You would assume that reaching the top level of a professional sport would require massive passion for the game, but that is not always the case.
Many athletes have become wildly successful despite their indifference, or outright hatred, of the game that made them famous. Here are some of the most notable ones.
When we discussed writing this article at Balls HQ, the first name that inevitably popped was Benoit Assou-Ekotto. The Cameroonian is perhaps the only player in the world who became more well-known for his indifference towards the game than actually playing it.
He forged a decent career, spending nine years at Spurs (although he was sparingly used for the latter half of that spell) and earning 24 international caps.
He was not shy about expressing the face he was not a football fan, telling The Guardian during an interview in 2010:
Why did I come here? For a job. A career is only 10, 15 years. It's only a job. Yes, it's a good, good job and I don't say that I hate football but it's not my passion.
I arrive in the morning at the training ground at 10.30 and I start to be professional. I finish at one o'clock and I don't play football afterwards. When I am at work, I do my job 100%.
But after, I am like a tourist in London. I have my Oyster card and I take the tube. I eat.
It's grand work if you can get it I suppose.
While he doesn't quite fall into the category of having no interest in his chosen sport, Cork hurler Patrick Horgan admitted he doesn't really care about what happens in the game outside of his native county.
Speaking to Balls earlier this month, he revealed that he wouldn't be one to sit down watching games of hurling that he himself isn't involved in:
I'm not interested unless it's something to do with Cork...
Everyone is different but I just find when I'm away from training and hurling I just want to do something else. Call into my mams and play with the nephews. Some fellas love watching it but I don't.
It takes too much out of the day to watch other games when you're only after coming back from training. I'd be a big hurling fan but sometimes you just put so much time into it, you need a break from it. I just do my own thing.
One of the most iconic players of the 1990's, Argentine superstar Gabriel Batistuta was not all that interested in football. While he would score an astounding 54 goals in 77 matches for Argentina, he was known to completely avoid the game outside of his professional life.
He once famously said "I do not like football, it is just my profession", but he would find one sport he was very passionate about towards the end of his career.
In a 2010 interview with FourFourTwo Batistuta waxed lyrical about his real love: polo. Yes, the one with the horses.
Back home in Reconquista, I have a stall for polo horses and my own team called La Gloria Polo Team. We wear purple t-shirts and a badge similar to Fiorentina's, the club where I played for many years. La Gloria has taken part in several competitions and we're growing and establishing ourselves little by little...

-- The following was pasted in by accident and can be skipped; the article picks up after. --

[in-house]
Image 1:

I feel some pressure from the supporters when I play polo, because they ask for goals, reflecting my football career. But to be honest, I have no idea of how to do that properly in this sport. The posts don't even have a crossbar!
But I'm just as demanding as I was as a football player – I want to succeed and win.
The greatest tennis player of his generation, Andre Agassi hated the sport. He revealed in his 2009 autobiography:
I play tennis for a living even though I hate tennis, hate it with a dark and secret passion and always have...
He also compared playing tennis to solitary confinement:
In tennis you're on an island. Of all the games men and women play, tennis is the closest to solitary confinement.
Born in Las Vegas, Agassi was a tennis prodigy at a young age. His father used to cart him around to fancy hotels on the Vegas strip where he would play wealthy businessmen for thousands of dollars at a time. He would often throw the first set, in order to hustle them out of even more money.
The pressure he was placed under by his father is believed to have contributed heavily to his hatred of the sport later in life.
Stephen Ireland may be best remembered for the infamous 'granny gate', but the player has also openly admitted to disliking football in the past.
As we have all done at one stage in our youths, this would be revealed in a regrettable Bebo post in 2007.
Football is shit, why did I get stuck doin it?
While he would never play for Ireland again, he is still technically a professional footballer. His career never reached anywhere near the heights his early form suggested it would however, and he left Bolton after a few months in 2018 without having made an appearance for the club.
You can debate whether or not professional wrestling is actually a sport, but it appears Brock Lesnar is not a fan. Despite being one of the biggest names in the business, he had this to say about the WWE after leaving in 2004:
I felt like I was a trapped animal. I can remember times being on an airplane and wanting to punch the door open and jump out of the plane.
That’s what I felt like… I tell Vince (McMahon) to this day, ‘I was built to be in the ring. I wasn’t built to get from ring to ring.'
Of course, Lesnar would return to the company after a successful spell in the UFC, but his appearances continue to be of a very sporadic nature, suggesting his opinions may not have changed all that much.
Despite being the subject of one of the greatest chants in the history of the game, Bobby Zamora doesn't actually like football. He has not been hesitant to admit that he viewed the sport merely as a job, something that allowed him to use his physical gifts to earn vast amounts of money.
I’m not a massive football fan, really. Quite a lot more players than let on are the same.
I don’t watch games on an evening or anything like that. A lot of people find it strange.